Dad blogging, culture, and tacos: El Camino Real

Is it possible to be a parent and be self-deprecating?

I think as a human I’ve developed self-deprecation as a form of protection. People can’t hurt you by pointing out your faults if you point them out first. If you point out your own failures, there’s no need for anyone else to.

I’ve tried to build self-awareness, knowing what others sense and get from me and when all else fails, I’ve relied upon self-deprecation so if I did miss something it wouldn’t matter anyway.

I get really excited about things and can easily be disappointed by those expectations, so I’ve learned to temper them, not wanting to expect more than can be given to me. You can’t be hurt if you never expected anything great to begin with. My cynicism comes out of a grand optimism.

It’s also natural to think your children are the best thing to ever exist.

Before I was a parent, I would have called myself an above average person on a whole. That’s my level of braggadocio. Having a son has caused this to change.

Things I’ve called my son since he’s been born: the cutest thing to ever exist, the smartest child of all time, the biggest/strongest/most advanced child in America and probably the world, etc…

As soon as your child comes you begin to think of them as being special, unique, and advanced. You look at apps that tell you standard milestones for your child’s age and glee with pride at the one or two areas where your child is ahead. You want to believe that your child is particularly adept at being human and look for any sign proving this to be true.

But at some level this isn’t true. I mean, you should have all the hopes and confidence possible in your children, but this is an unrealistic way to look at the world, and an unrealistic standard for your children to live up to. There’s always someone who is better.

How do we deal with the tension at the heart of this?

Our children deserve our confidence and our pride. They don’t deserve the pressure of being the best child of all time. Which way should we lean? Should I follow the part of my heart that thinks my child is 12 times as smart as everyone else or should I laugh at and undermine these expectations? Is it even possible to be a deprecating dad?

Anyways, my child just learned how to roll, has your child learned to do that yet? Didn’t think so.


Today’s tacos: El Camino Real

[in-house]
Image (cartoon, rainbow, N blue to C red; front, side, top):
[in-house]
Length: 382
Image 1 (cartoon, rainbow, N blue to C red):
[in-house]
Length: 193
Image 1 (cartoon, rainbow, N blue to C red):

What we listened to on the way: US Girls “In a Poem Unlimited”

What we ate: Carnitas, Carne asada, Al pastor

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El Camino Real has quite the large space, extending further than you expect the building to go, something I was delighted by after the last fiasco. When I went it wasn’t particularly busy, but there are numerous signs saying that they make their food fresh so please be patient–apparently timeliness isn’t a part of their reputation.

The layout is somewhere in between a typical taqueria with the feel of a meat shop, a large counter and menu giving you that feel. Their taco options are called “Big Tacos”, stuffed with more meat than your typical taco shop. Each taco comes with cilantro and onion, atop of two corn tortillas. The corn tortillas each felt fresh, not succumbing to dryness, something I’ve been grateful for at each taco shop I’ve been to. Each taco did come without salsa or a sauce of any kind, so be sure to hit up the salsa bar.

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The carne asada was the most moist and flavorful of every place I’ve been to thus far and was the standout. The carnitas were decent, not as juicy as I would have wanted them to be, but tender enough to do the job. The al pastor did not come dripping juices and flavor like can be pretty typical for it, instead it had a dry almost nutty flavor. I’m not sure how they cooked it, but it certainly wasn’t what I was looking for in that style.

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My son’s thoughts: He had a busy day leading up to this and fell asleep on the way there. I brought in the car seat only and he slept in it on top of the table where I was sitting.

Dad blogging, culture, and tacos: Baja California Fish Tacos

There are not many guides out there about trying to keep up with movies when you have a young child.

I know this, because I’ve looked.

I figure professional critics use their normal work hours to go and see movies, while those of us who are in it as hobbyists must decide a few things. Is this a serious hobby? Something that can be sacrificed or pushed back? Obviously parenting is all about sacrifices–it’s sort of the driving force of raising a child, yet I do think I want to make a commitment to keeping up with my interests, down the road my children should appreciate that.